WASHINGTON — Vice President Kamala Harris stressed Wednesday that teachers should be given priority for getting Covid-19 vaccinations, but wouldn’t say if she believed that giving them the shots should be a prerequisite for reopening schools.
In her first live one-on-one network interview since taking office, Harris was asked by "TODAY" show anchor Savannah Guthrie whether she could reassure teachers that it would be safe for them to go back to school even if they’re not vaccinated.
“Teachers should be a priority,” said Harris, adding that teachers “are critical to our children's development, they should be able to teach in a safe place and expand the minds and the opportunities of our children. So teachers should be a priority along with other front-line workers.”
Harris said fewer than half the states are prioritizing teachers right now to receive the vaccine.
Guthrie noted that the Centers for Disease Control and Prevention has put out guidance saying that teachers do not have to be vaccinated to go back to school.
Asked again if it’s safe for teachers to return to the classroom without being vaccinated, Harris said that states have to decide whether they can institute safe measures, such as social distancing. She emphasized that the key to ensuring that those measures are in place is Congress passing another Covid-19 relief package.
“They should be a priority,” Harris said about teachers getting vaccinated, “And the states are making decisions individually about where they will be on the list of who gets vaccinated.”
States are wrestling with the situation as infectious disease experts say schools are not a major source of Covid-19 transmission but many teachers unions oppose reopening them.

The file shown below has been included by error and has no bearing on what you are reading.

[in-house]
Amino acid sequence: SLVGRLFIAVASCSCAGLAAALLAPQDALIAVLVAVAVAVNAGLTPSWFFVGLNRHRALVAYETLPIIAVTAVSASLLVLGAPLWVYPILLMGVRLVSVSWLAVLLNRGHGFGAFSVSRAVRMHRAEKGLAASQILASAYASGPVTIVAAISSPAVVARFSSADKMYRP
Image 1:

During a Wednesday briefing, the White House's lead Covid-19 coordinator Jeff Zients said that while President Joe Biden and the vice president believe teachers should be placed at the head of the line along with other frontline workers, they both agree with the CDC guideline that vaccinating them is "not a requirement to reopening schools."
The CDC has also released guidance that says the reopening of schools should be tied to the rate of infection in communities. Under that metric, Guthrie said as many as 90 percent of schools might not be able to reopen.
When asked, Harris wouldn't say if it a mistake for the CDC to make the recommendation, but only said that it's merely a recommendation "about how to reopen safely if they've been closed, how to stay open if they've been opened."
The vice president also repeated Biden's statement from Tuesday night at a CNN town hall that his administration's goal is to get as many K-8 schools reopened within the first 100 days of his presidency, allowing students to attend class five days a week.
"The issue here is not just about statistics — it's about our kids, it's about their parents," Harris said. "It's about the fact that every day our kids are missing essential, critical days in their educational development."
"Each day in the life of a child is a very long time," she continued, "And that's why we've got to collectively do everything in our power to reopen our schools as quickly as possible, as safely as possible."